Pfeiffer University Seal Mary Fisher Floyd Archives & Special Collections
"I love to think of those who have preceeded us, who paved the way for us, and who challenged us." -- Mary Fisher Floyd

Primary Research Information

A primary source is any original material produced during the time period or subject matter under investigation.

Secondary sources are works produced from the study and evaluation of primary sources.

There are even tertiary sources -- materials such as encyclopedias, produced using information contained in secondary sources.

When you use primary sources in writing a research project, your final product is a secondary source for your topic of study.

Primary sources can be in just about any format. An item can be a primary source in one instance and a secondary source in another. Some examples of formats of primary source materials:

Oral histories
Recorded speeches, etc.
Original works of art
Text (printed or published)
Manuscripts and archival collections
Machine-readable computer files

Locating Primary Source Materials at Pfeiffer

The G.A. Pfeiffer Library and the Mary Fisher Floyd Archives and Special Collections have a variety of primary source materials. To identify these sources, first consult Voyager , the library online catalog. Voyager contains information on almost all material located in the library, including archives and manuscript collections, newspapers, and audio- and video-recordings. If you need help, ask a librarian to assist you.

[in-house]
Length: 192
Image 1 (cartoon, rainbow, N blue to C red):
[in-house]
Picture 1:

One of the best ways to identify primary sources is to first consult good secondary sources.

  1. Do a keyword or subject search on your topic in Voyager. Then look for a bibliography; often this information is included in the item's record -- it may even tell you the page number(s) where you'll find the list of sources.
  2. You can also look for the words Sources or Bibliography as a subject term.
    For example, you might find:
    North Carolina--History--Sources--Bibliography
    Civil War--History--Sources
    Methodist Church in Indiana--Bibliography
  3. Personal accounts are primary sources. Therefore, look for autobiographies and diaries in Voyager.
  4. The Mary Fisher Floyd Archives and Special Collections have a wealth of primary source materials. The Archives contain historical documents of the University, and the manuscript collections cover a variety of topics. A Subject Guide to the collections is available. More detailed information on individual collections are available in the Mary Fisher Floyd Archives.
  5. Newspapers are an excellent source for personal and contemporary accounts of events.

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